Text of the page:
Straus Puts Stamp On Legislature, Houston’s Commercial Real Estate Market Still Recovering From Oil Downturn, Some Texans Oppose Proposed Storm Barrier, And More
Monday, December 17, 2018
Top afternoon stories:
Straus Puts His Stamp On Incoming Texas Legislature
Texas House Speaker Joe Straus will surrender his gavel to State Representative Dennis Bonnen in a matter of weeks. But before he does, Straus still has one last opportunity to make a mark on state policy.
The Legislative Budget Board is meeting this month, and its main task is to set a spending limit for the 86th Texas Legislature.
“The speaker is the co-chair of that budget board, along with the lieutenant governor,” said Jon Taylor, professor and chair of political science at the University of Saint Thomas. “So you have a lame-duck speaker who’s actually having some real influence right now on potential policy initiatives, spending priorities for the Legislature as we go into 2019.”
Passing a budget is the one thing the Legislature is required to do. Anything the state has to pay for over the next two years, from education to public safety, flows from that.
Apart from Straus, the budget board includes four other state representatives – among them, incoming Speaker Dennis Bonnen.
Houston’s Commercial Real Estate Market Still Recovering From Oil Downturn
Houston has, for the most part, survived the oil downturn, but some areas are still in recovery.
Though Houston’s commercial real estate market is doing well overall, the office sector is still struggling with high vacancy rates.
Eli Gilbert, director of research at commercial real estate firm JLL in Houston, said this has to do with oversupply and jobs lost during the downturn. Also, companies have learned to be more efficient with less space.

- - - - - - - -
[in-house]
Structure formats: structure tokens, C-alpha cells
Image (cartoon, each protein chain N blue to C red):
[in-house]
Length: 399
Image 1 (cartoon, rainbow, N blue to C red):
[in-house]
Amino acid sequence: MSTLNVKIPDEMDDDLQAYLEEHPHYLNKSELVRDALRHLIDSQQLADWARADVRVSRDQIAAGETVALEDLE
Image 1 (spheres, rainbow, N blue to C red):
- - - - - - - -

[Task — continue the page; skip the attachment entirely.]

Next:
The office vacancy rate is currently around 20 percent, with estimates placing the amount of vacant office space between 50 and 60 million square feet, according to the Greater Houston Partnership’s 2019 Employment Forecast.
Some Texas Coastal Residents Oppose Proposed Storm Barrier
A proposed Texas coastal barrier is drawing backlash from some Gulf Coast residents and the state’s land commissioner wants more time for property owners to voice concerns.
The plan is designed to protect the Texas coast from hurricanes with a barrier system of floodwalls, floodgates and seawall improvements. But hundreds of Bolivar Peninsula residents near Galveston are against it, fearing that a barrier would leave thousands of residents between a wall and the Gulf of Mexico, the Galveston County Daily News reports.
Hundreds of people lined up to sound off at a public hearing Saturday.
Texas Land Commissioner George P. Bush has called for the U.S. Army Corps of Engineers to consider more time for public comment and another meeting for Bolivar residents.
Highway Patrol Gets Social Media Presence
The new accounts will provide the public information about the work and service of state troopers in general and that of specialized units, such as the mounted horse patrol unit, the commercial vehicle enforcement unit and the tactical marine unit, among others.
Texas Troopers conduct patrols along more than 300,000 miles of roadways in the state and the expanded presence on social media intends to strengthen the relationship with local communities.